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The Nidek OPD III (Nidek, Inc.) is an advanced vision assessment system that captures valuable data about the patient’s eye within 12 seconds. Rather than moving from one instrument to another, the patient can remain seated in one chair for increased office efficiency and patient comfort. The OPD III automatically captures the data from one eye while the patient stares at a light and then, it’s moved over to capture data from the other eye. The system assesses the degree and pattern of astigmatism, identifies corneal surface issues, and gathers data regarding higher order aberrations, mesopic and photopic pupil size and Angle Kappa; information that is vital for determining the best implant option for each patient.
ASSESSING PATIENT NEEDS
My practice has used the Nidek OPD III for quite some time—even dating back to the time when it was known as the 3D-Wave. The OPD III is necessary to calculate and customize the best implant for each eye of every patient. Without it, there is no way to know whether the patient is a candidate for a certain type of implant.
One of the nice features of the OPD III is how easy it is for our technicians to learn to use this device; moreover, the patients are happy because they don’t have to sit for a prolonged period of time with a light shining in their eyes—it captures a very large amount of data extraordinarily quickly.
The first thing I look at is the root mean square or RMS value. This tells me how clean the image of the light is going in and out of the eye. If the RMS value is high, that means the patient’s postoperative outcome will probably not be 20/20 due to an underlying pathology, such as macular or corneal issues. A high RMS number allows the surgeon to set proper expectations for the patient.
The next thing I look at is the axial map, which tells me the amount, location and pattern of the anterior corneal astigmatism. If it’s an irregular pattern, such as keratoconus or pellucid, then that patient might not be an ideal candidate for a toric implant. However, if it’s a beautiful bowtie pattern, then that patient is a perfect candidate for a toric implant. By showing the bowtie image on a large monitor on the fabulous color maps captured by the OPD III—patients can readily ‘see’ their astigmatism. Therefore, they are more apt to recognize and justify the out-of-pocket cost of a toric implant.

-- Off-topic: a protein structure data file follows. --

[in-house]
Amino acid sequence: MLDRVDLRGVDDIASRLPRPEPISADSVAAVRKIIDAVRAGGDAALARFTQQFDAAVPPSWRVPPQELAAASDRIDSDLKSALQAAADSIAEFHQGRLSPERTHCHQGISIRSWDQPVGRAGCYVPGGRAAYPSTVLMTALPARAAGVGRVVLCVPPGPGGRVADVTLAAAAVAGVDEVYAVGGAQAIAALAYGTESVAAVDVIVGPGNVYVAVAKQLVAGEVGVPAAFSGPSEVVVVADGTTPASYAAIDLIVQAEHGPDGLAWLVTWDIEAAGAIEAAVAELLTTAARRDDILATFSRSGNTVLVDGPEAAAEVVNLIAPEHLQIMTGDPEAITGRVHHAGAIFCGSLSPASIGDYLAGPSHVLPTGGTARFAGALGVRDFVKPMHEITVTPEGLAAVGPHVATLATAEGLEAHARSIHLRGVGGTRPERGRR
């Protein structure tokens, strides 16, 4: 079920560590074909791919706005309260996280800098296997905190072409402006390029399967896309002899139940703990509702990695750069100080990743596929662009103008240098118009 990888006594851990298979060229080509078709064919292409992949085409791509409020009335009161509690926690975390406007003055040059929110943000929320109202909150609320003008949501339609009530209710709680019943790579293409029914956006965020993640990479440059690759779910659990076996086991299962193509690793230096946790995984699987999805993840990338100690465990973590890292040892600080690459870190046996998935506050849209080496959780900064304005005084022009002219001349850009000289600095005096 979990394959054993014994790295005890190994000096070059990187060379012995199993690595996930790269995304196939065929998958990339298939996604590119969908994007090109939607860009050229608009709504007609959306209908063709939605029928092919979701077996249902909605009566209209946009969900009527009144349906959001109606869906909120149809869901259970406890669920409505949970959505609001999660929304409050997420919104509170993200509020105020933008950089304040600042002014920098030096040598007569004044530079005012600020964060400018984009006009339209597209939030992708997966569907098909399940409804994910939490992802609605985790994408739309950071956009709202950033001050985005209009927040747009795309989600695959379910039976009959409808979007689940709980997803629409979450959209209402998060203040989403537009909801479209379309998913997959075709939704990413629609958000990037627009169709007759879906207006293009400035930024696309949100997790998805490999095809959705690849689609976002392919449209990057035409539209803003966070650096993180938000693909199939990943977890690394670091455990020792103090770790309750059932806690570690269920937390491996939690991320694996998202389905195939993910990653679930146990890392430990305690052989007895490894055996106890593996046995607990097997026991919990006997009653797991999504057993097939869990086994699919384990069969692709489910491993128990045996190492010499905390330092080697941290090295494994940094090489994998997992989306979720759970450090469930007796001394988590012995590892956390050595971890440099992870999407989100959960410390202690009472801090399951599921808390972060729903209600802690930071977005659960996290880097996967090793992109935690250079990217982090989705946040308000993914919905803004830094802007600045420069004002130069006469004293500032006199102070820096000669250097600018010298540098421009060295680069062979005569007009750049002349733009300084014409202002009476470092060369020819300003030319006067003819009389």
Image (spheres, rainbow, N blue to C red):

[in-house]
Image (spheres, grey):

The other way I use the OPD III is to look at the point spread function. I first show my patients what their total corneal aberration looks like with the cataract in the eye. Then I show them what the image is going to look like after their cataract (the lower aberration) is removed, leaving behind their higher order aberrations. Since some patients have quite a bit of higher order aberration, surgeons can let the patient know ahead of time what to expect after the surgery. For example, a pinpoint of light may look like it has feathered edges or tails. The patients then understand that this is due to their preexisting higher order aberration and not a flaw of the implant or a complication of the surgery.
Lastly, for every patient who is undergoing cataract surgery, I use the OPD III to take a Placido disk image of the anterior surface of their cornea and tear film. If the mires are warped, wobbly or irregular in width, rather than concentric and perfectly round, that means the patient has preexisting ocular surface disease. Depending on its severity, I may choose to postpone the cataract surgery in order to rehabilitate the ocular surface to obtain more accurate pre-op measurements.
Also, by showing patients the irregular mires on the Placido disk image, they realize that they have preexisting dry eye syndrome instead of blaming their surgeon for causing their post operative Dye Eye condition.
There is a bit of a challenge for the surgeon to learn how to decipher all of the maps. Marco Ophthalmic, Inc. offers information on its website to help surgeons learn how to interpret the maps and the Marco Reps are more than happy to help surgeons understand how to best utilize the information generated from the various map.